Podcast explores bringing design for store portfolios into the 21st century
Rather than thinking only of fixture elements, retailers should mix and match what works for each store’s experiences, product mix, services, localization, and technology. PHOTO: ISTOCK.COM/GISELLEFLISSAK
By Melissa Campbell
Over the next five years, half of commercial leases will be expiring. Big-box brands will increasingly experiment with new formats. For example, Ikea recently opened its first store in Manhattan. This store showcases small living spaces to meet the needs of customers who live in the city. Brands will also increasingly consider alternative formats, including popup stores and pickup depots (like Amazon delivers on college campuses).
As retail evolves, the traditional prototype model is becoming obsolete. In the Shop! podcast “Y2K Called, It Wants Its Prototype Back: Bringing Stores Into the 21st Century,” Elaine Kleinschmidt, EVP of strategy and experience design at WD Partners, discusses a more flexible approach to prototyping based on a modular kit of parts. She also explains how stores can take steps toward an integrated, dynamic, and scalable strategy. Here are highlights.
What are the shortcomings of the traditional prototype model?
The traditional prototype model is typically a cookie-cutter mold adjusted for size: small, medium, or large. The model allows brands to control the brand expression and efficiently estimate the cost of building materials. But it doesn’t account for localization (big city vs. small town) or how generational preferences of the shoppers directly impact individual store performance. Some decisions about a particular store should be made based on its location and the customers it serves: what products and/or services will be provided? Will there be a buy-online-pickup-in-store (BOPIS) service? If so, how will that service be designed to engage the store’s customers?
What is a design kit of parts?
A design kit of parts includes five modules that can be applied to a store’s design strategy: experiences, product, services, localization, and technology. The key is to find the right combination to serve a store’s format (e.g., flagship, mall, popup) and needs. For example, for a flagship store or a popup store in a large city, the experience might comprise 50% of the design strategy. Conversely, for a mall store, the experience might comprise just 20% of the strategy, while the store’s products take 50% of the focus.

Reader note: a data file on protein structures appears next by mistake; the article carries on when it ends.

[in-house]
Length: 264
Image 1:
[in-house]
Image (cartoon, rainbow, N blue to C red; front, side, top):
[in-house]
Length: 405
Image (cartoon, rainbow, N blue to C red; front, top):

If a brand wants to modernize its approach to store design, what steps should it take?
First revisit your brand name, your value proposition, and your overall position in the post-digital world. Then understand who your customers are. Analyze the big data from a retail perspective (instead of a marketing perspective). Who actually comes into the store? How many store-only shoppers are in the database? How many shoppers are online-only? How many shoppers are multichannel? This information helps you determine strategies. For instance, multichannel shoppers are more loyal, come back more often, and buy more products.
If you have one prototype and a thousand stores, acknowledge the pain points. When you’re managing a brand at scale, ask yourself: At what point should you try to strategize the brand experience rather than treat a rollout as a tactical process?
Be proactive with store real estate. In many cases, the real estate team identifies potential store sites based on narrow and dated criteria. In selecting locations, consider the dynamic relationship between different store formats. If a region will have a flagship store, mall store, and pickup depot, how far apart should these locations be spaced? And what population density is necessary to sustain each of these formats?
Discover a new way to measure.
In true omnichannel retailing, there is no separation between a click and a brick. In a metropolitan zone, identify the nucleus of a brand and all of the brand’s other touchpoints in that area. Consider the performance of the geographical area as a whole. A store that is low-volume in purchase might be high-volume in service or BOPIS. Evaluate your social reach, brand perception, and NPS score. Tailor your financial metrics to your kit of parts; your metrics should be based on how your customer uses the brand.
Melissa Campbellis the former Shop! education manager.
Excerpted from the Shop! podcast “Y2K Called, It Wants Its Prototype Back: Bringing Stores Into the 21st Century.” For the full podcast, visit shopassociation.org/podcasts-retail-decoded. A podcast quiz is available for continuing education credit at bit.ly/ShopCE-Y2K.